The Deal

Specifically, the deal Geithner put together in September 2008 was for the NY FED to pour up to $85 billion of debt funding into AIG to solve its liquidity crisis as the Credit Default Swap counterparties, the banks which had insured themselves against the sub-prime mortgage meltdown, demanded payments under their AIG insurance policies. AIG ended up drawing down $60 billion almost overnight.

But Geithner was not content with a straight debt deal where AIG promised to pay back principal and interest and handed over almost all of its assets as collateral. Geithner wanted real ownership and control (77.9%, to be exact) of AIG's equity and the voting rights to go along with that.

The problem Geithner knew he had to confront, however, was that the FED was not authorized to take ownership in AIG or any other financial institution. The law authorized the FED only to loan money and take collateral. While the FED might end up with ownership after a default and foreclosure on the collateral, the Federal Reserve Act does not authorize the NY Fed to structure the debt deal with an equity piece.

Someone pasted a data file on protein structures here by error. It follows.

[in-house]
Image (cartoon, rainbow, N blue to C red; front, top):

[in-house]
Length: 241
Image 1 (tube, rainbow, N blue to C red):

The Criminal Artifice

So what did Geithner do? He took equity, but he used a fictitious "Trust" to accomplish that which he could not do legally. The AIG Credit Facility Trust has three so-called independent, non-governmental trustees owning the 77.9% of the legal interests of AIG, and the Trust agreement assigns the U.S. Treasury the beneficial interests in the 77.9%. The highly-touted "independence" of the trustees is quite obviously critical to save the Trust from the claim that it is merely a ruse for FED ownership and control.

But there is only one problem with this Trust structure: It is invalid and illegal for two important reasons, not the least of which is that its independence is nonexistent.

Specifically, the Trust Agreement includes a hardly-noticed section 1.03, which gives the FED absolute authority over the Trust's existence and its terms, effectively granting the FED control over the actions of the trustees. By any legal definition, this is not a valid independent trust. This means, at the very least, that the FED is the real owner of the legal interests in 77.9% of AIG's equity, and this is, as Geithner himself testified before the Senate Banking Committee in April 2008, not legal.